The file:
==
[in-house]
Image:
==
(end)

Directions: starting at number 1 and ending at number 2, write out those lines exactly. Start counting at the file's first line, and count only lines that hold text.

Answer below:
[in-house]
Image: